Products You May Like
The National Oceanic and Atmospheric Administration (NOAA) has said that a stream of solar wind will hit our magnetic field today, January 8.
The stream of cosmic material stems from a hole in the sun’s atmosphere.
Space Weather wrote on its website: “Solar wind flowing from … northern coronal hole should reach Earth on Jan. 8th, causing geomagnetic unrest around Earth’s polar regions.”
For the most part, the Earth’s magnetic field – or magnetosphere – protects humans from the barrage of radiation, but it can affect satellite-based technology.
Solar storms wreak havoc on global technology as the radiation which pummels our planet heats up the outer atmosphere, causing it to expand.
This means that satellite signals will struggle to penetrate the swollen atmosphere, leading to a lack of Internet service, GPS navigation, satellite TV such as Sky and mobile phone signal.
Additionally, increased currents in the Earth’s magnetic field – or magnetosphere – could theoretically lead to a surge of electricity in power lines, which can blow out electrical transformers and power stations leading to a temporary loss of electricity.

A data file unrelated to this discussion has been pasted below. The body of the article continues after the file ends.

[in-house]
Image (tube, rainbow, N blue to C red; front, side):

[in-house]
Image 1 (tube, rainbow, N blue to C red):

The higher amounts of radiation also leave people vulnerable to cancer.
However, the solar storm could result in Southern or Northern Lights – or aurora australis and aurora borealis – depending on which hemisphere the solar winds hit.
As the magnetosphere gets bombarded by solar winds, stunning blue lights can appear over the upper reaches of the Northern hemisphere and the lower parts of the southern hemisphere.
Space Weather adds that there is a 40 per cent chance of “polar geomagnetic activity” which would spark the tech blackout.
Coronal holes such as this are more common when the solar minimum is approaching – a period every 11 years when solar activity is at its lowest – with the next one due over the next 12 months.